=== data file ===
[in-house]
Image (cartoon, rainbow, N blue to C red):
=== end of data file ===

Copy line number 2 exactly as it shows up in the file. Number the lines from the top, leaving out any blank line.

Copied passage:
Image (cartoon, rainbow, N blue to C red):